Aladdin


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A·lad·din

 (ə-lăd′n)
n.
In Arabic folklore and in the story collection The Arabian Nights, a boy who acquires a magic lamp and a magic ring with which he can summon two jinn to fulfill any desire.
American Heritage® Dictionary of the English Language, Fifth Edition. Copyright © 2016 by Houghton Mifflin Harcourt Publishing Company. Published by Houghton Mifflin Harcourt Publishing Company. All rights reserved.

Aladdin

(əˈlædɪn)
n
(Literary & Literary Critical Terms) (in The Arabian Nights' Entertainments) a poor youth who obtains a magic lamp and ring, with which he summons genies who grant his wishes
Collins English Dictionary – Complete and Unabridged, 12th Edition 2014 © HarperCollins Publishers 1991, 1994, 1998, 2000, 2003, 2006, 2007, 2009, 2011, 2014

A•lad•din

(əˈlæd n)

n.
(in The Arabian Nights' Entertainments) a youth who finds a magic lamp and ring with which he can command two jinns.
Random House Kernerman Webster's College Dictionary, © 2010 K Dictionaries Ltd. Copyright 2005, 1997, 1991 by Random House, Inc. All rights reserved.
ThesaurusAntonymsRelated WordsSynonymsLegend:
Noun1.Aladdin - in the Arabian Nights a boy who acquires a magic lamp from which he can summon a genieAladdin - in the Arabian Nights a boy who acquires a magic lamp from which he can summon a genie
Based on WordNet 3.0, Farlex clipart collection. © 2003-2012 Princeton University, Farlex Inc.
Translations

Aladdin

[əˈlædɪn]
A. NAladino
B. CPD Aladdin's cave N (fig) → cueva f de ricos tesoros
Aladdin's lamp Nlámpara f de Aladino
Collins Spanish Dictionary - Complete and Unabridged 8th Edition 2005 © William Collins Sons & Co. Ltd. 1971, 1988 © HarperCollins Publishers 1992, 1993, 1996, 1997, 2000, 2003, 2005

Aladdin

nAladin; Aladdin’s cave (fig: = hoard) → Schatzhöhle f; the shop was an Aladdin’s cave of antiquesdas Geschäft war eine Fundgrube für Antiquitäten; Aladdin’s lamp (lit, fig)Aladins Wunderlampe f
Collins German Dictionary – Complete and Unabridged 7th Edition 2005. © William Collins Sons & Co. Ltd. 1980 © HarperCollins Publishers 1991, 1997, 1999, 2004, 2005, 2007
References in classic literature ?
There once lived a poor tailor, who had a son called Aladdin, a careless, idle boy who would do nothing but play all day long in the streets with little idle boys like himself.
Aladdin followed smilingly to corroborate this astonishing, unbelievable statement; lifted all their boxes from the back of the wagon, and taking the circular, promised to write to the Excelsior Company that night concerning the premium.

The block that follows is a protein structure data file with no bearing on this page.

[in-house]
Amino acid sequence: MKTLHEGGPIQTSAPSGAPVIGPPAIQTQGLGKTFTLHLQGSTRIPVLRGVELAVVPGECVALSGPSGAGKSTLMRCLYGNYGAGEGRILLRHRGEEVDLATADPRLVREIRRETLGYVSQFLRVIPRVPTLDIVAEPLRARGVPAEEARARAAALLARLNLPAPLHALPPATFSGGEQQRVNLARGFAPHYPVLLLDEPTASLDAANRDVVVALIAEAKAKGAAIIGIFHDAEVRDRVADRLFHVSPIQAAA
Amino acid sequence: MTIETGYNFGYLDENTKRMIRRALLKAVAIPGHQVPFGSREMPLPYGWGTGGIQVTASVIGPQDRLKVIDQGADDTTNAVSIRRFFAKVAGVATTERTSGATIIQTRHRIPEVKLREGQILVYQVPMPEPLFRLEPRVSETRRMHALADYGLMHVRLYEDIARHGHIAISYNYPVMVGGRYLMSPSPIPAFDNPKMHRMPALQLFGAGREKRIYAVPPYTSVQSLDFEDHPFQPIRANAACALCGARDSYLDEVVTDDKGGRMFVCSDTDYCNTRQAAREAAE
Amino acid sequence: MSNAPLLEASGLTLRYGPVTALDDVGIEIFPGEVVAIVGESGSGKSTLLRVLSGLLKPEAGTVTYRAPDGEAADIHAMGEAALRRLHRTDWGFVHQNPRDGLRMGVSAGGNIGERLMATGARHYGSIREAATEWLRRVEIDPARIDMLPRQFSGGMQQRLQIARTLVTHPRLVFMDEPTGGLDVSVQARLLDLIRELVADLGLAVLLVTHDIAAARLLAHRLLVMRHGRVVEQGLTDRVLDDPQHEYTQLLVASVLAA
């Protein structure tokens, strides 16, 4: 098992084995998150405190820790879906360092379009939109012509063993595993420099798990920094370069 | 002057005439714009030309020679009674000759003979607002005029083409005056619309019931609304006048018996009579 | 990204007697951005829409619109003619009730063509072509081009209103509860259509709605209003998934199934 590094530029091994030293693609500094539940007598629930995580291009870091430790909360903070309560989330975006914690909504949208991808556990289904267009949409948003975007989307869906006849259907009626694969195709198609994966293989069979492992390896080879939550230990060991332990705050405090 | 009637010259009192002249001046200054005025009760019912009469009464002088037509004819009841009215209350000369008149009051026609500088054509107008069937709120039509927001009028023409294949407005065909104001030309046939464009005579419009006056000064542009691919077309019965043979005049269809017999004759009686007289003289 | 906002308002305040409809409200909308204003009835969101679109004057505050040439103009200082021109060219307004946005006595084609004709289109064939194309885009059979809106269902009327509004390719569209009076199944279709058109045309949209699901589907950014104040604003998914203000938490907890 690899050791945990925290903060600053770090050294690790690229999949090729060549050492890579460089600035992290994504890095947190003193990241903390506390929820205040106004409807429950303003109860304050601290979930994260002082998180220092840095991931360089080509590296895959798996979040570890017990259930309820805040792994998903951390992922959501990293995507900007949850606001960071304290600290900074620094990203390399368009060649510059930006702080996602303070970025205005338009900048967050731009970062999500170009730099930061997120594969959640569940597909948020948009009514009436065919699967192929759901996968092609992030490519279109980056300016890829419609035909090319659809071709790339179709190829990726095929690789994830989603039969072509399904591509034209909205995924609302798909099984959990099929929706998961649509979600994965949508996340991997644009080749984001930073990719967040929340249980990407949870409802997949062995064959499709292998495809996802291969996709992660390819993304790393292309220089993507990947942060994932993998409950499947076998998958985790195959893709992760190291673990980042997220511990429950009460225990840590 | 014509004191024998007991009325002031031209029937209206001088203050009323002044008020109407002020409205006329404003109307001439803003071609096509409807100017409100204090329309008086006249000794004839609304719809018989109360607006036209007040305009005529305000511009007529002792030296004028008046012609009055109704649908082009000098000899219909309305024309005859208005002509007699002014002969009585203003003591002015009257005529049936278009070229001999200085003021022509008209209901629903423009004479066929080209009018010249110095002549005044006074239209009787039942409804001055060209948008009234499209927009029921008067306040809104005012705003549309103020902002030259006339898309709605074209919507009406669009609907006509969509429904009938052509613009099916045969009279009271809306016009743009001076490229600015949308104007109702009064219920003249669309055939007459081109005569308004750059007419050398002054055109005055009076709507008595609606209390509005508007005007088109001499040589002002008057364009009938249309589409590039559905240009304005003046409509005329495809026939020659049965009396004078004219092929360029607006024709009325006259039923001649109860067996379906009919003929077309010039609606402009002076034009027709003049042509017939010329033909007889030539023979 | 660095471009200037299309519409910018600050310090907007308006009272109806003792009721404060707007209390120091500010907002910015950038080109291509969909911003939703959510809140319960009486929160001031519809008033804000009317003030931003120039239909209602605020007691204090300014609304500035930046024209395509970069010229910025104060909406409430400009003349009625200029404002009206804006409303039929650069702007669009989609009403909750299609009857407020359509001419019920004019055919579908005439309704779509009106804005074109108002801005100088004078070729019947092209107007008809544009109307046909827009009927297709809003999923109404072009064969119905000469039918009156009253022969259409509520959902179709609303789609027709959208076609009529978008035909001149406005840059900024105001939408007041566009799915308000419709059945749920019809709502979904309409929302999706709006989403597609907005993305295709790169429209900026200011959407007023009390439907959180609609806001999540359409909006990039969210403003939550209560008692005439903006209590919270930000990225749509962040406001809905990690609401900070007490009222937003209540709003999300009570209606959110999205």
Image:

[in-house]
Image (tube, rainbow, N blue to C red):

He makes his berth an Aladdin's lamp, and lays him down in it; so that in the pitchiest night the ship's black hull still houses an illumination.
The brilliancy might have be fitted Aladdin's palace rather than the mansion of a grave old Puritan ruler.
"And I," replied Franz, "will tell you, as I only require his wonderful lamp to make me precisely like Aladdin, that I see no reason why at this moment I should not be called Aladdin.
In the hasty furnishing of this Aladdin's palace, the slaves of the ring had evidently seized upon anything that would add to its glory, without reference always to fitness.
They tripped along the murky aisles with the rest of the com- pany, visiting the familiar wonders of the cave -- wonders dubbed with rather over- descriptive names, such as "The Draw- ing-Room," "The Cathedral," "Aladdin's Palace," and so on.
It's all about somebody they call the Sultan Aladdin, not our friend of the lamp, of course, but rather like him in having to do with genii or giants or something of that sort.
Reaching that height, her eye was on a level with a slight opening in the partition, the real object of her efforts, for the glance that she cast through it can be compared only to that of a miser discovering Aladdin's treasure.
If it had been Aladdin's palace, roc's egg and all, I suppose I could not have been more charmed with the romantic idea of living in it.
"It is not Aladdin's lamp, though I take it to be a token of as much luck.
The schools were newly built, and there were so many like them all over the country, that one might have thought the whole were but one restless edifice with the locomotive gift of Aladdin's palace.